The Essential Civil Society Reader: Classic Essays in the American Civil Society Debate

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Rowman & Littlefield, 2000 - 414 pages
Around the world politicians and intellectuals seek to restore civil society by cultivating stronger public ethics and social institutions. This text presents classic writings of leading scholars and organizers who have brought the civil society debate to the forefront.

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Contents

The Meaning Origins and Applications of Civil Society
3
The Quest for Community A Study in the Ethics of Order and Freedom
33
Whose Keeper? Social Science and Moral Obligation
51
The Good Society We Live through Our Institutions
69
The Demoralization of Society Whats Wrong with the Civil Society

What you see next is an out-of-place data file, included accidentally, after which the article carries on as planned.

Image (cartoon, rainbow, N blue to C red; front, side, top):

95
Democracy on Trial The Role of Civil Society in Sustaining Democratic Values
101
Communitarianism and the Moral Dimension
123
To Empower People From State to Civil Society
143
The Lost City The Case for Social Authority
239
Trust The Social Virtues and the Creation of Prosperity
257
Democracys Discontent The Procedural Republic
269
Rights Talk The Impoverishment of Political Discourse
305
The Progressive Assault of Civic Community
317
Individualism Liberalism and Democratic Civic Society
353
American Exceptionalism Revisited The Role of Civil Society
373
Politics Morality and Civility
391

Professionalized Services Disabling Help for Communities and Citizens
183
Culture Incentives and the Underclass
195
The Urban Church Faith Outreach and the InnerCity Poor
217
Index
403
About the Contributors
411
Copyright

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About the author (2000)

Don E. Eberly is the director of the Civil Society Project, a national initiative advancing ideas to strengthen America's social institutions and community life. He is the editor of many books, including "The Content of America's Character: The Recovery of Civic Virtue". Eberly is an affiliate scholar at the Institute for American Values, and founder of the National Fatherhood Initiative. He lives in Lancaster, PA.

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